Posted by: kgaboury | November 11, 2013

Word of mouth: a blessing and a curse

What consumers are saying about a product or service can speak volumes.

This is commonly known as word of mouth, and includes recommendations to friends and family (positive WOM), or scathing denouncements of a company to everyone within shouting distance (negative WOM). Anyone who has ever purchased something has probably partaken in word of mouth, whether it was recommending a new video game to friends, or venting about terrible customer service on their Facebook page.

But in the world of Web 2.0, WOM has taken on an entirely new significance. According to Bach and Kim’s article on online consumer complaint behaviors (2012), social networking platforms have transcended the effects of traditional WOM, allowing people to reach a much larger social network than just immediate friends and family.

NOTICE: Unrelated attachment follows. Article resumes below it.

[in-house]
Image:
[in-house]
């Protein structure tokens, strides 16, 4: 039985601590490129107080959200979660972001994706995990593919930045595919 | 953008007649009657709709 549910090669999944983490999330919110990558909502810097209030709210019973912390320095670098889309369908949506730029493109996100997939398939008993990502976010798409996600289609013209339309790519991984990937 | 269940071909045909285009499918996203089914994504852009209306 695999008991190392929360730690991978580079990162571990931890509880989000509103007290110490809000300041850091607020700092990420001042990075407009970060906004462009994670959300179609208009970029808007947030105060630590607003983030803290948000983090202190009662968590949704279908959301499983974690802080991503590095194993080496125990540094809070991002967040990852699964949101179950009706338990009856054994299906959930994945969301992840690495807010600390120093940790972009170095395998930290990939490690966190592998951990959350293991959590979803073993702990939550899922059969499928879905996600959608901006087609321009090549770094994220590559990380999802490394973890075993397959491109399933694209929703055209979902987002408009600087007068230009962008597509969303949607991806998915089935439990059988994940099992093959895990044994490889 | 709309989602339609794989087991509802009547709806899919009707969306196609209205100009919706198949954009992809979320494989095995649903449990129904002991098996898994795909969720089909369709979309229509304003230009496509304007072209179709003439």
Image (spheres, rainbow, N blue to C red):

An interesting example of awful customer service leading to negative WOM is the “Comcast Must Die” fiasco of the late 2000s. The cable company’s near-universal bad customer service led to disgruntled customers taking to the Internet to share their negative experiences with the company, culminating in the website ComcastMustDie.com as a forum for all things anti-Comcast.

In response to the negative publicity, Comcast started a division specifically for dealing with online complaints, a move that garnered much praise.

If anything can be learned from this situation, it is that hell hath no fury like a customer scorned. How can companies design a strategic communications plan that puts customers first, but still keeps the goals of the company in mind?

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